Speaker 1: You're listening to Your Practice Made Perfect, support, protection and advice for practicing medical professionals. Brought to you by SVMIC.
Renee Tidwell: Welcome back to Your Practice Made Perfect. I'm Renee Tidwell and I'm going to be your host. Today we are going to revisit an obvious topic for SVMIC, malpractice lawsuits. We're going to focus on preparing yourself as a defendant, the ins and outs of depositions, and a highlight of the trial process. To walk us through this content, we have SVMIC's Meghan Clark. We know that this subject can be a stressful topic of discussion for many of our insureds, and we know that as physicians, you know medicine. As your malpractice insurance carrier, we'd like to help you better understand the anatomy of a malpractice lawsuit and keep you informed on what to expect during each step of the process. Let's hand it over to Meghan, who is going to take us through some helpful tips and lessons learned.
Meghan Clark: Well, thanks Renee. I am so excited to be here. We all know that a malpractice lawsuit is one of those looming, scary, let's just pray it never happens type of things in a physician's world, but the reality is that many, if not most physicians are going to be involved in a lawsuit over the course of their career. Because of this, it's vital that you stay informed on the general format of a lawsuit and how the life of a lawsuit will work. To kick off this episode, we will revisit an episode with two of our senior claims attorneys, J. Baugh and Katy Smith, as they break down the life cycle of a malpractice lawsuit on our podcast in August 2019. Let's revisit this informative conversation highlighting each stage of the litigation process.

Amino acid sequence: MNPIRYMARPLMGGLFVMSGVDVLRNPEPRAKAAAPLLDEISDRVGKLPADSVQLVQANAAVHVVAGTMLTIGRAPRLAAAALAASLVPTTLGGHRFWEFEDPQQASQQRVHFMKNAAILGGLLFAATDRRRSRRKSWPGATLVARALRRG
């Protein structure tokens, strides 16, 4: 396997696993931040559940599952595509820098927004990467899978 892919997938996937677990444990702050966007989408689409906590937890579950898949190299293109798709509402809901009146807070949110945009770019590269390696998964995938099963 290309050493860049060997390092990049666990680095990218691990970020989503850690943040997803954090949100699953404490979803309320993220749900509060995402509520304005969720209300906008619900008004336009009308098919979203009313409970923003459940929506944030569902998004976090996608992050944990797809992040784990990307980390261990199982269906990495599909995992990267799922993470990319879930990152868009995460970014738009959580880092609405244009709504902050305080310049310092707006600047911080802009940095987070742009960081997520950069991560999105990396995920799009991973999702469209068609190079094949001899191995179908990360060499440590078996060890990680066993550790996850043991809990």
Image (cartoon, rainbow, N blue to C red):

Brian: Let's talk a little bit about phase one of actual litigation. Katy, can you expand upon that for us a little more as we start this litigation phase?
Katy Smith: Sure. What happens after a lawsuit is filed by the plaintiff's lawyer is it has to be served on the defendants. The lawsuit itself is called a complaint. You will also be served not only with the complaint but with the summons. An important point to kind of mention here, if you're a physician who practices in an office and you have office staff, make sure your office staff knows how to handle the receipt of certified mail type documents. If you have a certain office staff member who's designated as your representative who can sign for these types of documents, then certainly that person should go ahead and do so. You should just make sure your office staff knows not to automatically sign for something just because they've received it. Instead, the office member could direct the process server or take the envelope to the physician, him or herself, so they can handle it appropriately. You need to report the service of the lawsuit to us so that your lawyer can very quickly and within the time that's allowed by the court rules, respond to the complaint on your behalf. It's a 20 or 30 day period of filing the responsive pleading, so you need to make sure to contact us as soon as you receive the suit papers.